Some years ago, a parent (English, married to a Mallorcan) told me that if she had a choice the family would move to Palma from Puerto Pollensa. Her concern was with her son's education. The city, Palma, was serious in a way that Puerto Pollensa was not. The education to be received there might have been good enough. But where was that education leading? The local kids, she explained, observed how things were in Puerto Pollensa: the summers of beach and having a good time. The summer had a hold. Education wasn't so important. Why worry too much with it when summers would mean bar and other seasonal jobs which would fund the fun of summer. Education was caught in a vice of summertime ethos.
These were remarks made pre-crisis. One positive aspect of crisis was that it addressed the lamentably high school dropout rate among Balearic sixteen-year-olds. Puerto Pollensa was not the only place to be affected by the abrupt disruption of that easy life of summertime. Staying on at school became more attractive. But despite this, the Balearics still lag well behind the rest of Spain in this regard - ten percentage points behind a national average of 95% of 16-year-olds who stay on at school. The actual school failure rate also shows a ten per cent difference: 32% as opposed to a national 22.
The problems with an underperforming state education system in the Balearics are well known and have been much discussed. While fingers might be pointed in the direction of politicians and teachers (their organisations more than individuals) and more crucially the system itself, none can be held wholly to account. There appears to be a more deep-seated malaise - a social one that is linked inextricably to the nature of the job market.
The Gadeso research foundation has reported this week that 21.4% of those aged between 20 and 24 fall into the category of the "ni-ni", someone who neither works nor studies. In comparative terms, the Balearics are not as bad in this regard as with school performance: the national rate is 20.6%. They presumably find their way into the unemployment statistics. The Labour Force Survey for the final quarter of 2015 placed this at just under 45% for this age group. The rate is very much worse for the 16 to 19 group below it: getting on for 75%.
Seasonality obviously influences fourth quarter figures, but it is this - seasonality - which explains so much. It isn't only the young who are affected in a harmful fashion, but they are harmed more than most.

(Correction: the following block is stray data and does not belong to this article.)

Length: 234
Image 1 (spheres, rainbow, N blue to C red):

Crisis put the opportunities of the young into sharp relief and most certainly not only in the Balearics and Spain. But it gave rise to some extraordinary disruption. Away from the Balearics there was the case of the town of Benalup in Andalusia, a community all but destroyed when the construction industry collapsed and took with it great numbers of young people who had left school to work in the industry, had been earning very good money, bought properties with cheap mortgages, only for it all to suddenly and devastatingly go Benalup.
To address the problem of unemployment among the young there, training courses were introduced. As with Mallorca, these training courses have provided a glut of people with qualifications as, for example, web and graphic designers. An economy cannot, however, survive on design. How many designers does any one economy actually need?
Of ministers in the current Balearic government, there is one who seems to be doing his work diligently. He is the employment (and trade) minister, Iago Negueruela. His is arguably the most difficult of the portfolios of government. He is variously charged with tackling job-market seasonality, working conditions and contracts, diversification of the economy and of course unemployment full stop. But his is not work that is in isolation. It is tied in with Biel Barceló's tourism (and innovation and development) ministry and Marti March's education ministry. At more distance, but also important, is Vicenç Vidal's agriculture portfolio. Why this? There is a serious deficiency in the number of young people in the agriculture sector.
Farming, though, is no more a game-changing panacea for youth unemployment woes than is Barceló's desire for innovation. Nor is the youth guarantee work scheme for which Negueruela is responsible. The take-up is nothing like he would hope that it would be. Nor, might it be said, will be government coercion - aimed principally at the hoteliers - to introduce higher-paid and full contracts. Even a left-wing regime can interfere or intervene only so much in the workings of the market.
One wonders, though, how much of an improvement the government can make. Is it the case that there is an attitudinal problem, as the parent from Puerto Pollensa suggested? Is this the nature of the beast? If so, it is a beast that Mallorca has bred.